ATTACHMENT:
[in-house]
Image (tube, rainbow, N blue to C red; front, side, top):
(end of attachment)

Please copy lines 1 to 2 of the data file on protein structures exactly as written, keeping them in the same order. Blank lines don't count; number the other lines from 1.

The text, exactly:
[in-house]
Image (tube, rainbow, N blue to C red; front, side, top):